Ahh. He finally sees Sang Gu as his family, and I’m so pleased that Sang Gu himself is cognizant of how big a milestone this is. It warms my heart so, to see Sang Gu react with a sense of wonder and gratitude, at Geu Ru preparing a place for him at the table. I love it.
While I felt bad for Geu Ru having to deal with the fear of having to put his father’s ashes to rest, instead of keeping the ashes with him at home, it was really important, I feel, that we got to see more of Dad and Mom, and how they had come to love Geu Ru, and how they’d come to be Geu Ru’s parents, and how they’d loved him, and been patient with him, and rejoiced over him, even though Geu Ru had his developmental challenges.
The sense of gratitude and love is so clear, as we catch a glimpse of them via the flashbacks.
I’d already had a sense that Geu Ru had grown up much loved by his parents, but it’s still moving to see that love in action, played out on my screen.
Dad and Mom really were made for each other; they were so in sync with each other in all the important things, particularly in wanting to adopt Geu Ru.
I’m glad that Sang Gu manages to find Geu Ru just as Geu Ru’s starting to become distressed, at losing sight of the visions of Mom and Dad, that he’d managed to conjure up with his memory, and I think it’s so perfectly fitting, that Sang Gu speaks to Geu Ru in a way that he can understand, by quoting Geu Ru’s words back to him, that even the deceased can speak.
How movingly, perfectly perfect, that Geu Ru puts Dad to rest, in the very way that Dad’s taught him to do for others.
Augh. It hadn’t occurred to me before, but this really is the most fitting way for Geu Ru to honor Dad’s memory.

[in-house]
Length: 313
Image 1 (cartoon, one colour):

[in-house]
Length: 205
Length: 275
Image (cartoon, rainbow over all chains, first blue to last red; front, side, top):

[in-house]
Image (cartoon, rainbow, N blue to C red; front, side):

The way he carefully goes through Dad’s things, the way Dad had taught him to, picking out the items that express the essence of Dad as a person, is so poignant and so emotionally resonant.
This is all of Dad, articulated in a box of treasures that are handpicked by Geu Ru, Dad’s most precious son. It honestly couldn’t be more perfect. ❤️
Dad’s last video to Geu Ru is so wonderfully fitting. Dad is clearly sad at the prospect of not being there for Geu Ru, but I love how warmly confident he is, that Geu Ru’s more than able to remember both of his parents well, and encourage himself the way Dad had always encouraged him, by daily telling himself in the mirror, that he’s done an excellent job.
Augh. I love that Dad’s so clear on what Geu Ru needs, and is so focused on helping Geu Ru have an emotionally stable and confident future. ❤️💔❤️
I love that through it all, Geu Ru’s revisiting all the lessons that Dad’s taught him over the years.
That scene, of Geu Ru rushing back to Dad’s tree, to hug it, says so much. We’d seen in episode 1 just how uncomfortable Geu Ru is, with physical contact, so much so that it’s a rare occasion that he’d let Dad hug him.
And here, he’s running to give Dad a hug, and when he gets to that tree, he hugs with fervor and desperation, like he’s hugging Dad with all of his being. It’s so poignantly touching, truly.
I didn’t appreciate Lawyer Oh’s bluff of sorts, that Sang Gu’s been disqualified to be Geu Ru’s guardian, but that look of tearful relief in Sang Gu’s eyes, more than makes up for the fake-out.
I love the idea of Geu Ru and Sang Gu sharing many more family meals together, over that table, and being a family, together. ❤️